One of the key things is that the field lane advantages whoever is ahead. When you start playing Elder Scrolls, it’s common to think of the shadow lane as the “aggressive” lane, since creatures in it can’t be attacked immediately (which guarantees they’ll live for a turn which means they can then attack after losing summoning sickness). Most of the time, however, if you’re the first person on board, you want to “establish dominance” over the field lane, not the shadow lane. The reason for this is that the field lane is much harder to contest, and your stronger creatures can protect your weaker creatures.

Imagine, for example, you have a 2/2 and a 3/3 in the shadow lane, and your opponent plays a 2/3 to try to contest them (which has cover, and therefore can’t be attacked this turn). In this spot, you’re going to get in for 5 damage, but then the 2/3 is going to kill the 2/2 the following turn. If your creatures are in the field lane and your opponent plays the same 2/3, you can now immediately attack the 2/3 with the 3/3 and kill it before it kills your 2/1.

For this reason, the first creature played in the game should usually be played in the field lane. Later on, as the game progresses and the offensive player establishes dominance over the field lane, you want to start playing creatures in the shadow lane, as you can then have at least one turn to attack with them before they are eaten by more powerful creatures.

Likewise, if you’re the defensive deck, you usually want to play a big attacker in the field lane (so that it can kill anything that is placed there before it has a chance to attack), and then guards in the shadow lane, as the creatures there are protected for at least a turn and you want to stop them from attacking you for that turn.

3) Runes

Players start at 30 life and, whenever they drop 5 life (to 25, 20, 15, 10 and 5), they break a rune. Breaking a rune means you simply draw the top card of your deck. If that card has the keyword prophecy, then you can play it for free, on the spot. This is the only situation you can do something on the opponent’s turn. If it does not have the keyword prophecy, it goes into your hand normally.

This is the game’s catch-up mechanic. Since lanes tend to favor aggro in general (if you place your guards on one lane, I can put my creatures in the other, for example), the runes exist to favor the deck that is defending. They are sources of card advantage and offer a tempo boost if you hit a prophecy. Knowing when to not attack so that you don’t risk breaking runes is one of the key strategic decisions in the game.

This is also the biggest source of variance in the game. Magic has the mana system, Hearthstone has cards like Ragnaros, and ESL has prophecies. Sometimes you win the game because the first rune they break is a prophecy, and sometimes you lose because you don’t hit a prophecy in any of your 5 runes.

As a general rule, stronger creatures should attack first, since it will force prophecies to be aimed at weaker creatures if they want to prevent damage that turn. For example, if you’re at 26 life and I have a 1/1 and a 4/4 against a blue deck, I should attack with the 4/4 first, because if you hit Lightning Bolt (which is a prophecy that deals 4 damage) you’re going to kill the 4/4, so I don’t want to break your rune before it has attacked this turn. There are a lot of exceptions to this, however, and playing around the multiple possible prophecies is one of the big skills in the game.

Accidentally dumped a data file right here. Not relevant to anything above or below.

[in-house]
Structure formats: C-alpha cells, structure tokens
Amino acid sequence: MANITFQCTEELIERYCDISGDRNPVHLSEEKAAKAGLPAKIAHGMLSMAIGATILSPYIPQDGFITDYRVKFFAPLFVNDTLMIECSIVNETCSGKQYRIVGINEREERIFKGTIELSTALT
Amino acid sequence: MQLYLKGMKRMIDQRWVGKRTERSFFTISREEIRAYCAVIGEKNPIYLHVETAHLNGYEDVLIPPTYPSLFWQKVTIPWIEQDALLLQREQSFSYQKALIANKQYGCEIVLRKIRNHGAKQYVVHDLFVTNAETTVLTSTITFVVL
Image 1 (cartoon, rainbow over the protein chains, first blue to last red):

Prophecies make it more important than normal to know what cards are in each color. You’ll learn quickly enough by playing, since there aren’t that many (6 or so for each color), but if you want to look at all of them you can go to deck editor, select the crafting mode (which shows every card that exists), and then type “prophecy” on the search and that will show you every one of them.

Smaller Differences

Here are some things I struggled with when first playing ESL:

  • Tokens are cards that can be interacted with. If I bounce a token back to your hand, you can replay it for its cost, and it doesn’t vanish.
  • Drain (lifelink) only works if it’s my turn. If I attack you or your creatures with my drain creatures, I will gain life, but if you attack me then I won’t. Slay works similarly.
  • Control decks have creatures. In Magic, control decks have a ton of spells, but in ESL the combat system makes it so that a creature can also act as a removal spell by directly attacking the opponent’s creature. As a result, even control decks will have a ton of creatures and you won’t see a “true” control deck like in Magic.
  • The “layers” are different and the bonus is removed first. Say I have a 2/2 and you have a 2/2. I then play a creature that gives my creatures +0/+1, and I attack your 2/2—my 2/2, then becomes a 2/3 and subsequently a 2/1 after combat. If you then kill my creature that was pumping it, it won’t die. It’s now a 2/1 on its own merits, and the +0/+1 bonus was removed by the damage it already took.
  • The shadow lane gives the property to the creature. If I play something in the shadow lane it will gain cover, but if I then move the creature that same turn, it’ll retain cover.
  • The mulligan system is different. You can mulligan any number of cards once (as opposed to MTG where you keep or mulligan the whole hand). The general rule of “mulligan all your expensive cards and keep all your cheap ones” works for this game as well.
  • Wounded instinctively means a creature that has taken damage, but if it has had its toughness reduced by something it’ll also count as wounded.

Gameplay Modes

There are 4 main ways to play ESL:

Story Mode